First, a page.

Frequently asked questions (FAQ)


Image file requirements:
File format

WhiteWall accepts the file formats JPG and TIF.
Uploaded files should ideally be 300 DPI, 8-bit, and have an embedded sRGB color profile. If you don’t know what any of that means, then just leave it to us! Your image files will, of course, be automatically checked as to whether or not they are suitable for what you’re ordering, and then they will be produced in the highest quality.

File size

Your file must be at least 0.4 megapixels (for example, 700x700 pixels), but can be no more than 625 megapixels. Depending on your photo’s aspect ratio, the maximum sizes are as follows:

Square - 25,000x25,000 pixels
3:2 - 30,600x20,400 pixels
4:3 – 28,850x21,650 pixels
19:6 – 33,300x18,750 pixels
4:1 Panorama – 50,000 x 12,500 pixels

The largest possible print size will be calculated based on the pixel size. The larger you would like to have your work produced, the greater the number of pixels must be.
Want to know what your image's resolution allows? Let our overview help you! The sizes below are general estimations; our system will show you the maximum size of your image once the file has been uploaded. You can have your image produced to the exact inch, with the correct proportions, up to this size.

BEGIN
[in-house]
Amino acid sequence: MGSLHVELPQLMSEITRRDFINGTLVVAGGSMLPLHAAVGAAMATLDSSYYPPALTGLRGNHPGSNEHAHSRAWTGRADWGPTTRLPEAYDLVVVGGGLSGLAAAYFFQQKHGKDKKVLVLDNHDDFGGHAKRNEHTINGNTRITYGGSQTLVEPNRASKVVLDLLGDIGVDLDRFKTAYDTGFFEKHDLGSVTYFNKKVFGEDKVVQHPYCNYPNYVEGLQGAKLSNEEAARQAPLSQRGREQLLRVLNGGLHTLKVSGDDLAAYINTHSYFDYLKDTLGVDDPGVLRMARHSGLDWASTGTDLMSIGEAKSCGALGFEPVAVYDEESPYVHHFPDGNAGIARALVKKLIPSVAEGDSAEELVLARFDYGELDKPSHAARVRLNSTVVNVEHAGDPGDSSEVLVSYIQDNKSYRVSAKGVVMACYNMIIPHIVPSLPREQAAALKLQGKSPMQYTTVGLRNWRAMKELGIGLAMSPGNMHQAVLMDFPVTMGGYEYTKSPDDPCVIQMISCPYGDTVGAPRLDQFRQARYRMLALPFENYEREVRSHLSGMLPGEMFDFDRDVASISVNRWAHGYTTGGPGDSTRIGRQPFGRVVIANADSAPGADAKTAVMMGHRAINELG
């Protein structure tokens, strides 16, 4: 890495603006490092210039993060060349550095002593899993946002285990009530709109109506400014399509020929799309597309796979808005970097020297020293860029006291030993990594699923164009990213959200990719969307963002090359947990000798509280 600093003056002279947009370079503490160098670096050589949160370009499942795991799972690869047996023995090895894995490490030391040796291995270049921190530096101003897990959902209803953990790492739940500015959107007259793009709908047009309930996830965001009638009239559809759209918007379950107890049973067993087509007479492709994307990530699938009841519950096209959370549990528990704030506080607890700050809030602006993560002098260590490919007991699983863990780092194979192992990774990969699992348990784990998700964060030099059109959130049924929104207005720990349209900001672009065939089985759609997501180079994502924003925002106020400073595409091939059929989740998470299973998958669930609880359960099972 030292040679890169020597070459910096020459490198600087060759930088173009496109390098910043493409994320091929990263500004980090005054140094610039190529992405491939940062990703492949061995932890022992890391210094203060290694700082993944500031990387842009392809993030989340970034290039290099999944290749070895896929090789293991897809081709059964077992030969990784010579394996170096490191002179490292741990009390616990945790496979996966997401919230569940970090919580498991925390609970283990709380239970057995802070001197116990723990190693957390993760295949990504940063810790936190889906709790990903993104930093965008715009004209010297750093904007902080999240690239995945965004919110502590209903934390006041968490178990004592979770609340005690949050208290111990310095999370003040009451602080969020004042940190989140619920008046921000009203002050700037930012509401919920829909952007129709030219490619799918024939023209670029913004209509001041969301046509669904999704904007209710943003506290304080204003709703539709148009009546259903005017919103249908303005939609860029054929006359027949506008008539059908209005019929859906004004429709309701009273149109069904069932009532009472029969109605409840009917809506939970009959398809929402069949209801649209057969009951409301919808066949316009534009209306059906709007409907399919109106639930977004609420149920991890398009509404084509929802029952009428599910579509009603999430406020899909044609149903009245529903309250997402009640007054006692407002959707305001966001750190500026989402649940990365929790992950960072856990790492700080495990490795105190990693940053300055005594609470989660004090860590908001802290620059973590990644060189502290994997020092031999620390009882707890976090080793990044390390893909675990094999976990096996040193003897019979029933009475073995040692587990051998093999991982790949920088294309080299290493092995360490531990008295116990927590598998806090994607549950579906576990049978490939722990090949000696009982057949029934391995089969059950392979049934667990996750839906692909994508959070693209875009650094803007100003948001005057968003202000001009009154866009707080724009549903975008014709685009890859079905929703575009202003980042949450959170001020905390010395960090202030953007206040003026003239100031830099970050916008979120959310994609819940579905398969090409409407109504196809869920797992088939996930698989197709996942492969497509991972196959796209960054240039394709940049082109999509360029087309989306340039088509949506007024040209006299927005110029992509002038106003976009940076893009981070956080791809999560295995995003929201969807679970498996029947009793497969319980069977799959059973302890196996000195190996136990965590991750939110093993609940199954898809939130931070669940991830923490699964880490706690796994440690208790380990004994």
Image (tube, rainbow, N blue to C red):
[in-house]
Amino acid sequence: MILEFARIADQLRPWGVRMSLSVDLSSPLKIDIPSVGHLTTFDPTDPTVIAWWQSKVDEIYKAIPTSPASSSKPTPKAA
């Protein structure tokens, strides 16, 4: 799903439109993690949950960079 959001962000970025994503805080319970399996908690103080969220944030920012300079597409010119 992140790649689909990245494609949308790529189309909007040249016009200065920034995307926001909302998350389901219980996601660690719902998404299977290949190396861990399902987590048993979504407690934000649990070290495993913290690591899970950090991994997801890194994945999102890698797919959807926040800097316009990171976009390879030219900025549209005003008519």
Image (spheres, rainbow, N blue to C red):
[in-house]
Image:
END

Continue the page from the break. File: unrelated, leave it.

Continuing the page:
Camera Size
3-Megapixel iPhone up to 20"x15"
5-Megapixel Camera up to 30"x25"
8-Megapixel Camera up to 50"x40"
10-Megapixel Camera up to 60"x50"

The file size cannot exceed 1 GB.

Data

Only digital data can be used on WhiteWall, which means that your images were either taken using a digital camera or are analog works that have been scanned. Please note that due to the production process, the signature and text in the existing white border should be at least 1 cm from the picture frame.
If you would like to make pictures available on the WhiteWall Art Market, please do not put titles or signatures in any white or black borders your picture may have: This devalues the image in the eyes of the customer. Works that infringe on personal or intellectual property rights are, as a general principle, not allowed.

Will my image file be processed?

WhiteWall only adjusts your image file if you want us to. You can find this option in the shopping cart under “Automatic Image Optimization.” When it is selected, we will run an automatic brightness and contrast optimization tailored to your particular image. Monitor displays are often very bright, meaning photo prints can often appear darker or less colorful in comparison. At your request, we will automatically adjust for this. We recommend activating this option if you have not already made your own adjustments for printing or exposure.

Color space